• Subramaniam is the Joan and Irwin Jacobs Endowed Chair Professor of Bioengineering and Systems Biology at the University of California San Diego. He is a distinguished professor of Bioengineering, Computer Science & Engineering, Cellular & Molecular Medicine and Nano Engineering at the University of California San Diego. He is an elected Fellow of the American Association for the Advancement of Science and the American Institute of Medical and Biological Engineering and a Senior Member of IEEE.  He has fostered training and research in systems biology and bioinformatics at the national level, serving on the NIH Director’s Advisory Committee on Bioinformatics and played a key role in the formulation of the NIH Director’s Roadmap which places a major emphasis on the use of quantitative approaches of engineering to biomedical research in health and disease. Subramaniam’s innovative work has major impact on research and development in academia and industry.
Engineers Week: Engineering Job Search Workshop
Feb 22 @ 1:00 pm – 2:30 pm

Learn how to effectively use tools like Handshake, LinkedIn, and GoHopOnline in your internship and job search. Register here. Hosted by JHU Career Center.

PhD and Master’s Student Non-academic Job Search
Feb 23 @ 1:00 pm – 3:00 pm

Explore your career options, learn how to present your skills with a resume, identify organizations and opportunities, and gain tips to help you connect with professionals. Register here. Hosted by the JHU Career Center.

GoHopOnline Virtual Networking: “Neurodevelopmental Disability Issues from a Parent’s Perspective”
Apr 4 @ 8:30 pm – 9:30 pm
GoHopOnline Virtual Networking: "Neurodevelopmental Disability Issues from a Parent's Perspective"

This unique event offers alums the ability to network online and also hear from a great speaker. Each participant will have the opportunity to introduce themselves and “meet” other alums using a simple but powerful format that eliminates networking awkwardness and facilitates valuable, professional networking. We will then hear from our featured speaker, Tara Johnson.

Dr. Tara Johnson will discuss “Neurodevelopmental Disability Issues from a Parent’s Perspective.” Johnson received her BS in Biomedical Engineering in 2002. She was subsequently accepted by the Johns Hopkins Medical School for the MD/PhD program. She received an MD in 2011 conducting her internship and residency at the St. Christopher’s Hospital for Children in Philadelphia. She currently is a fellow at the Johns Hopkins Kennedy Krieger Institute researching neurodevelopmental disabilities (NDD), and she expects to receive her PhD this year.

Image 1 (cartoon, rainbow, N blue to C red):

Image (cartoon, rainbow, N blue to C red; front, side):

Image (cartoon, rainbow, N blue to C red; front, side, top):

Register at GoHopOnline
BME and INBT Joint Distinguished Seminar: Arthur J. Coury
Oct 23 @ 4:00 pm – 5:00 pm
BME and INBT Joint Distinguished Seminar: Arthur J. Coury @ Gilman 50

The Johns Hopkins Department of Biomedical Engineering and Institute for NanoBioTechnology co-host a joint distinguished seminar. Arthur J. Coury, University Distinguished Professor in the Department of Chemical Engineering at Northeastern University, will present “Medical Product Translation: Concept to Market and Beyond with Considerations Along the Way.”

Abstract: Developing regulated medical products through all required stages, whether emanating from academic or industrial sources, has led to the understanding of certain principles required to achieve commercial success. Experiences derived from executing product development protocols have generated a list of dozens of variables that should be considered, including technical, economic, regulatory, even ethical topics, before advancing far in this process. Failure to satisfy one or a few of the “imperatives” generated from such an analysis will most likely prevent achieving a successfully marketed product. In this talk, facts and figures of the medical product “playing field” will be presented. Following this, stages of a typical regulated medical product development plan with pitfalls along the way will be offered. Then, a “case study” of a successful vs. unsuccessful commercialized medical device will be provided and explained in light of the “imperatives.” Finally, a note on the potential value of an academic license to a medical product company will be suggested.

2018 Johns Hopkins Healthcare Design Competition
Apr 15 all-day
2018 Johns Hopkins Healthcare Design Competition @ Johns Hopkins University

The 2018 Johns Hopkins Healthcare Design Competition is open to all student-led teams from around the world that have designed health-related solutions. Student teams will compete in three competition tracks: Designs of Solutions for Advanced Health Systems; Global Health/Humanitarian Design; and Healthcare Apps/Information Technology Design.

Important Dates
  • February 19: Deadline to submit proposals
  • March 19: Announcement of selected applicants
  • April 15: Semi-finals and Finals at JHU

Visit the CBID website for more information on eligibility requirements. To register a team, complete this Google Form:

This event is sponsored by Boston Scientific and hosted by the Johns Hopkins Department of Biomedical Engineering and the Center for Bioengineering Innovation and Design.

2019 Ilene Busch-Vishniac Lecture – “From Hopkins BME to Columbia Surgeon: An Unexpected Journey”
Feb 27 @ 3:00 pm – 4:00 pm
2019 Ilene Busch-Vishniac Lecture - "From Hopkins BME to Columbia Surgeon: An Unexpected Journey" @ The Eisenhower Room (The Johns Hopkins Club)

Beth Schrope, MD, PhD, will deliver the 2019 Ilene Busch-Vishniac Lecture on Wednesday, Feb. 27.

Schrope, who is an associate professor of surgery at Columbia University Medical Center and an associate professor of clinical surgery at NewYork-Presbyterian, will detail an unlikely journey from Hopkins BME to Ivy League surgeon, with the purpose of demonstrating goal-directed living with the allowance for a more opportunistic approach to life and career.